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Special Report: A Checkup on Women's Health

Doctors Don't Ask, Women Don't Tell

May 03, 1999|SHARI ROAN | TIMES HEALTH WRITER

Despite ample evidence of its benefits, doctors and patients often are failing to discuss crucial information about sex-related behavior and disease prevention during women's annual gynecological exams.

That's the message from a national survey on women's reproductive health conducted by the Henry J. Kaiser Family Foundation and the Los Angeles Times, with Latina and Essence magazines.

Although the survey found that most women receive a physical exam of the breasts, uterus and ovaries, the majority do not discuss sexual practices, birth control or prevention of sexually transmitted diseases with their doctors--even though sexual behavior can greatly affect a woman's health.

"It is disheartening to know that so many women are not getting the information that they need," says Jacquelyn Lendsey, vice president for public policy for Planned Parenthood Federation of America.

The Kaiser/Los Angeles Times poll found that most women do not receive all the tests and counseling that various medical organizations say should take place during an annual gynecological exam. The majority of the unaddressed tests and counseling concerns sexual health.

For example, even though 49% of pregnancies in the United States are unintended, two-thirds of the women of reproductive age (18-44) said they didn't discuss birth control with their doctor during their most recent gynecological exam. Doctors were more likely to advise women of the benefits of taking calcium to prevent osteoporosis than on using birth control to prevent an unwanted pregnancy.

Seven in 10 women did not discuss whether they were monogamous or sexually active or whether they used condoms.

About the same number were not asked about their sexual history, including the number of partners they've had.

And seven in 10 did not discuss sexually transmitted diseases, or STDs, or getting a test to detect such diseases. A similar number said they did not discuss HIV risk or testing with their doctors.

Despite a national campaign to promote the use of emergency contraceptives--a combination of pills that can be taken to prevent pregnancy within 72 hours after unprotected sex--only 8% of the women of reproductive age discussed the method with their doctors.

Women and their doctors must share the blame for allowing so much to go unsaid, according to experts who analyzed the data for The Times.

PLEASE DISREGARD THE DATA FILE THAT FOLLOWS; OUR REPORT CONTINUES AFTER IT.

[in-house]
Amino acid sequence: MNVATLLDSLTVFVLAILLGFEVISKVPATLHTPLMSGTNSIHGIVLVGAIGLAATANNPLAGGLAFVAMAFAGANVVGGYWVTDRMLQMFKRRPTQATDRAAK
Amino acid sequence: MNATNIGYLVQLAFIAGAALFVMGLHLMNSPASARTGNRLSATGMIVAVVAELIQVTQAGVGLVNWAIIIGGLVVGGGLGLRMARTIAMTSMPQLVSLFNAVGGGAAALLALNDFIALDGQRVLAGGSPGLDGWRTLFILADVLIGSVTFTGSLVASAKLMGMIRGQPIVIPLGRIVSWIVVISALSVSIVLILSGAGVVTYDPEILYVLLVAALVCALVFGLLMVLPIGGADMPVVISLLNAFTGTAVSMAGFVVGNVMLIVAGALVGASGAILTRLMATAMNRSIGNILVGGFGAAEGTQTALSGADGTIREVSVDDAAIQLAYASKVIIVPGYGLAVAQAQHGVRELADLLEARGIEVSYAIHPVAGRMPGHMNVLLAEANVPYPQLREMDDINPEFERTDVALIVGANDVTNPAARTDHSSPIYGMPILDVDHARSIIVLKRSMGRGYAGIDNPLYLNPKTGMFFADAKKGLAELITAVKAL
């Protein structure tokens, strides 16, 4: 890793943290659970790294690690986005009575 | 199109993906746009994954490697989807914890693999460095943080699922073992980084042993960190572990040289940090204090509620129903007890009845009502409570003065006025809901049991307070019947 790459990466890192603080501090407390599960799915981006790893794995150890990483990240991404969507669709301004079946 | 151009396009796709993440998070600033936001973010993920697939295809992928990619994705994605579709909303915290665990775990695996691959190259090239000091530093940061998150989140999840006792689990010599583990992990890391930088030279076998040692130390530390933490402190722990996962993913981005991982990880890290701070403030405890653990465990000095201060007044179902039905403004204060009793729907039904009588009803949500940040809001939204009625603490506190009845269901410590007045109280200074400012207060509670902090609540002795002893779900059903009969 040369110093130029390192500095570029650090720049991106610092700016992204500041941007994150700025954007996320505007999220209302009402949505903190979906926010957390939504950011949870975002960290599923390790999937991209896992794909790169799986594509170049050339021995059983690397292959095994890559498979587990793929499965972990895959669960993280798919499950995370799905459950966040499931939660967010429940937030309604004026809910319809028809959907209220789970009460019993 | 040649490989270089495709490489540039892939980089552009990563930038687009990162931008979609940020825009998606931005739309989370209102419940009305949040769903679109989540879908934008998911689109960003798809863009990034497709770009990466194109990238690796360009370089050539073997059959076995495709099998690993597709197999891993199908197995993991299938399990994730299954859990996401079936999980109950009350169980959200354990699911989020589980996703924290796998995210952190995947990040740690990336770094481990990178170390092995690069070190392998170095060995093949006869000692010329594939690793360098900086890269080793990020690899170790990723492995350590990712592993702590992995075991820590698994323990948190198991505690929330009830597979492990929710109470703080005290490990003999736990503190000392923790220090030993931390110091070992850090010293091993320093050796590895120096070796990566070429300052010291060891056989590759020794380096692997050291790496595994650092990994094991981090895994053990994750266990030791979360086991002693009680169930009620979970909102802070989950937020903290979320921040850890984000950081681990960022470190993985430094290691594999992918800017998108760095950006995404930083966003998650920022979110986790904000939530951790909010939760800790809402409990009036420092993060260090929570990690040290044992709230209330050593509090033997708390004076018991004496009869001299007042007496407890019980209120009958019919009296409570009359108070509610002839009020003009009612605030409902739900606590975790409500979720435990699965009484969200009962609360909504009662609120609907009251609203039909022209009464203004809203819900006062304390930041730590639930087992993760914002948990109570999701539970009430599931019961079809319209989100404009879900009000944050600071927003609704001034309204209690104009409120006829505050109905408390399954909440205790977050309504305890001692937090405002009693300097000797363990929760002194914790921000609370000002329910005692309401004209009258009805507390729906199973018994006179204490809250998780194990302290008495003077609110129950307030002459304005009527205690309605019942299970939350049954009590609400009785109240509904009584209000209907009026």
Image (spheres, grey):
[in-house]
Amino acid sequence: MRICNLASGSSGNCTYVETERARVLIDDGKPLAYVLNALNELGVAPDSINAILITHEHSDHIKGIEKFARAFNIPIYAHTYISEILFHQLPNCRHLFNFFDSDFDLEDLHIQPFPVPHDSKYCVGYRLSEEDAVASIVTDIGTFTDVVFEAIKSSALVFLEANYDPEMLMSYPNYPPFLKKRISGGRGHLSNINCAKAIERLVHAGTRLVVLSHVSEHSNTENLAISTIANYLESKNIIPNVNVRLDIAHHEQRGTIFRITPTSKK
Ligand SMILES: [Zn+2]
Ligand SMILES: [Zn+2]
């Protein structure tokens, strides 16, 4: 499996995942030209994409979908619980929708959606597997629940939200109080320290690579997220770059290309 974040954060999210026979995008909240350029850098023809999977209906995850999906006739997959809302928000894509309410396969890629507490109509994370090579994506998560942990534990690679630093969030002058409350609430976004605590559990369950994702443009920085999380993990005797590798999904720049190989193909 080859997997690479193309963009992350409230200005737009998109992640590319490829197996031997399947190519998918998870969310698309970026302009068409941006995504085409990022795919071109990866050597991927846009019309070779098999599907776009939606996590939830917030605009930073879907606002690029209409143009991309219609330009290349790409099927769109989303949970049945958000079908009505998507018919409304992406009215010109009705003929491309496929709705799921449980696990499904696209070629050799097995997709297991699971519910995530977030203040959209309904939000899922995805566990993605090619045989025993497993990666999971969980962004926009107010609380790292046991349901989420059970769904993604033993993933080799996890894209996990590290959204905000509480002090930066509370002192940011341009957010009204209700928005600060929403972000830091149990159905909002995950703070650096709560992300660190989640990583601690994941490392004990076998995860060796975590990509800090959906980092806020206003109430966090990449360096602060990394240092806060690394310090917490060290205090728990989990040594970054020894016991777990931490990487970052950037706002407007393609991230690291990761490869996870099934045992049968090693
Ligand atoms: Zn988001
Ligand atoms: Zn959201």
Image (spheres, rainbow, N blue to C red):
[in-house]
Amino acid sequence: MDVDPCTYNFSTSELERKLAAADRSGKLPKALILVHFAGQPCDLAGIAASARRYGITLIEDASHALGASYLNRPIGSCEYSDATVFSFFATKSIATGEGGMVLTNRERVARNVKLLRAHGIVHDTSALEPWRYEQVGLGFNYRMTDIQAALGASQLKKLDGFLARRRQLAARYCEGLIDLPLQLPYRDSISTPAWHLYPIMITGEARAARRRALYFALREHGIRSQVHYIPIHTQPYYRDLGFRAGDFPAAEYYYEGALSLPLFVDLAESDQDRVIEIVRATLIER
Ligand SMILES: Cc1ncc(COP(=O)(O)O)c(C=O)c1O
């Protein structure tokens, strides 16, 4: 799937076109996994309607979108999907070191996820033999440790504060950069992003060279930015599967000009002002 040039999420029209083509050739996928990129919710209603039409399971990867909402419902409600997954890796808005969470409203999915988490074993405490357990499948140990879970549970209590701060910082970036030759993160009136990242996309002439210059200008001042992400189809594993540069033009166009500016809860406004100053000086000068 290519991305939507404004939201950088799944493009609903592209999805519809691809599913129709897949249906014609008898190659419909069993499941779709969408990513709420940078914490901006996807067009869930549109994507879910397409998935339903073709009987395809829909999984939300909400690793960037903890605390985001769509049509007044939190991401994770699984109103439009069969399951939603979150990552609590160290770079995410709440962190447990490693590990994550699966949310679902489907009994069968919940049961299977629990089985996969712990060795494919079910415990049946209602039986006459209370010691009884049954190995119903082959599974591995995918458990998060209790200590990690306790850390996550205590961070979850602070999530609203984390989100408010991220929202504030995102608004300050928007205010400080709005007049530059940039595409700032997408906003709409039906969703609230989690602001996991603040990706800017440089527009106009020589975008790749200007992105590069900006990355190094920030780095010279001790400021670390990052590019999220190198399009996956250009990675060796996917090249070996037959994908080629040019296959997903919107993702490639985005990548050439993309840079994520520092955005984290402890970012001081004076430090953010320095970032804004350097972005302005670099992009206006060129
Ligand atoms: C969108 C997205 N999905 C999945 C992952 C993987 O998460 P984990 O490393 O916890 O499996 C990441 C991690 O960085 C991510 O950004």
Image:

"We don't consume health services like we consume other services," says Alina Salganicoff, director of women's health policy for the Kaiser Family Foundation. "We are taught to be good patients. A good patient is a compliant patient. And people are taught that the doctor knows the right thing to do."

Patients often don't ask which tests are being performed. About four in 10 women who said they were tested for STDs also said they assumed such tests were routine--and that they were never actually told a test was done, the survey found.

And although only 17% reported getting an HIV test at the last routine exam, more than one-third of those women may not have been tested because they did not recall being told HIV tests were being done.

Doctors are not required to get the patient's permission to run a test for STDs, with one exception: Consent is required for an HIV test. Thus, the only way a woman can know for sure if she has been tested for STDs is to ask.

"I believe patients think, 'If no one asks me . . . I don't have to be forthcoming about it,' " Salganicoff says.

Doctors, meanwhile, are selective about which patients to counsel on sexual matters. The Kaiser survey found that African American and Latina women were almost twice as likely to receive HIV and STD counseling and testing than were white women. Only 5% of white women discussed emergency contraceptives with their providers, contrasted with 27% of black women and 18% of Latinas.

The Latina and African American women surveyed were somewhat more likely than whites to go to community clinics for their gynecological care; such clinics typically provide extensive STD-related and contraceptives services. Nevertheless, the U.S. Centers for Disease Control advises STD counseling for all women of reproductive age because such infections can have serious consequences, including infertility and ectopic pregnancy. While blacks tend to have higher rates of some STDs, viruses such as herpes and chlamydia are widespread throughout the population, the CDC reports.

The brevity of many women's visits with their doctors limits discussion of complex or difficult subjects, such as contraception, says Julia Scott, president of the National Black Women's Health Project. The majority of women said they spent 15 minutes or less with their doctors, according to the survey.

"It's complicated to find a good marriage between a woman's life and the type of [contraceptive] method she should be using," Scott says. "And then to broaden that discussion to include the prevention of disease, that [alone] in and of itself could take up to 45 minutes."

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